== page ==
Baucus Welcomes First Round of U.S -- China Dialogue
Finance Committee Chairman Stresses Importance of Economic Discussions
Washington, D.C. – Senate Finance Chairman Max Baucus (D-Mont.) today sent a letter to U.S. and Chinese leaders, welcoming the first round of the new Strategic and Economic Dialogue next week and supporting the renewed commitment to the Joint Commission on Commerce and Trade. In the lettersent to Secretary Geithner, Secretary Clinton, Secretary Locke, Ambassador Kirk, Vice Premier Wang Qishan, and State Councilor Dai Bingguo, Senator Baucus highlighted the importance of using these dialogues to focus on critical economic matters facing the two countries.
“The U.S. – China relationship is becoming increasingly complex and it is essential our dialogue keep pace,” Baucus said. “In these difficult economic times, the U.S. – China Strategic and Economic Dialogue and Joint Commission on Commerce and Trade provide our two countries with critical opportunities to deepen our engagement. I urge the United States and China to use these opportunities for robust discussions to develop concrete solutions to the serious economic issues facing our countries at this critical time.”
The full text of the letter to Secretary Geithner follows here.
July 24, 2009
The Honorable Timothy Geithner
Secretary of the Treasury
1500 Pennsylvania Avenue, N.W.
Washington, D.C. 20220
Dear Secretary Geithner:
The U.S. – China relationship is at a turning point. The global economic crisis has caused decreasing global demand, rising unemployment, and inflationary threats. These new circumstances have lent ourrelationship greater clarity, even as it continues to grow in both complexity and stature.
To navigate these complexities, it is imperative that we not just renew but deepen our engagement. I therefore welcome the commitment the United States and China have taken to strengthen our economic and diplomatic ties. The new Strategic and Economic Dialogue (S&ED) and renewed Joint Commission on Commerce and Trade (JCCT) offer both countries the ability to address the complexities of our relationship through formal dialogue.
But the S&ED and JCCT need to be more than just formal dialogue. Our engagement in this new economic climate must be honest, deep, and meaningful. We must tackle a series of immediate short term economic challenges. The global financial system remains in crisis. And protectionist tendencies have strengthened in both countries. We must work to resolve these problems together on an urgent and accelerated basis. But we also cannot lose sight of our longer-term economic objectives. I urge theparties to continue their work toward negotiating a bilateral investment treaty, strengthening intellectual property rights, concluding China’s accession to the World Trade Organization’s Government Procurement Agreement on robust terms, and grappling with the economic challenges that accompany efforts to address global climate change. All of these issues must be addressed head on, throughforthright economic dialogue as well as concrete economic action.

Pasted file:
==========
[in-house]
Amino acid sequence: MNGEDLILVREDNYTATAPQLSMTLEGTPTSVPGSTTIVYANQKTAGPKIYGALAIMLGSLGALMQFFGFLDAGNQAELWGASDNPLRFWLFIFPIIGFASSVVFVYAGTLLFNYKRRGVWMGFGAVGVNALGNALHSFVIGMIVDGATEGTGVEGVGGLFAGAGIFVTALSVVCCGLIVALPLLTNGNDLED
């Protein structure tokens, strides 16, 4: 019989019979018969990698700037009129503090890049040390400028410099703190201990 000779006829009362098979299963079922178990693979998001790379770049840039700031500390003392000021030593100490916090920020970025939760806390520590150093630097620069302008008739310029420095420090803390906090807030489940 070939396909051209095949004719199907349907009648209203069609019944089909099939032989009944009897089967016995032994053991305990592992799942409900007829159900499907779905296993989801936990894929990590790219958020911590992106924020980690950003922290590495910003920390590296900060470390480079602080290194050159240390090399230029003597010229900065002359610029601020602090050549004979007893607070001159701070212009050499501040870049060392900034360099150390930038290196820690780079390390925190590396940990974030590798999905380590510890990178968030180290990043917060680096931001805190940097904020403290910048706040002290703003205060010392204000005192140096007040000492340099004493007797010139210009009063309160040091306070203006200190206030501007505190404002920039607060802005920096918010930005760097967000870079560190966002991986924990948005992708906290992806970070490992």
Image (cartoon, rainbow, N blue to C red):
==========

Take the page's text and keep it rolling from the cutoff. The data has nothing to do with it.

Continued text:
I understand that the new S&ED will deepen and strengthen our strategic and diplomatic dialogue as well. I welcome this development, but urge both parties not to allow this new dialogue to divert the S&ED from its historic economic focus. The sustained and systemic economic crisis we currently face demands the sustained and systematic attention and focus of our leaders.
Finally, I urge our leaders not to lose sight of the effects of the economic crisis on the people of our great nations. We must do a better job of explaining our international economic policies to our respective populations during these troubled times. And we must take concrete action to help those who will be most affected in the short term. The U.S. Congress took steps to do that earlier this year when it passed a robust expansion of Trade Adjustment Assistance (TAA). But TAA expansion was onlythe first step. We must do more to acknowledge that our international economic policies result in somedisplacement, and we must shape our discussions and actions accordingly.
In light of the unique nature of this dialogue, I have sent an identical letter to Vice Premier Wang, State Councilor Dai, Secretary Clinton, Secretary Locke, and Ambassador Kirk. Relations between you andthese leaders, as well as between our nations, will continue to increase in complexity and importance.We have committed to navigating these relationships through economic and diplomatic dialogue. Butlet us also commit to navigating these relationships openly, honestly, consistently, and concretely so that we may build a foundation to address the new complexities that the future undoubtedly will bring.
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